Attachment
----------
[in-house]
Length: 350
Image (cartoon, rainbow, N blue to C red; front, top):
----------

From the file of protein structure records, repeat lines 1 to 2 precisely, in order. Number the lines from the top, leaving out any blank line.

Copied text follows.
[in-house]
Length: 350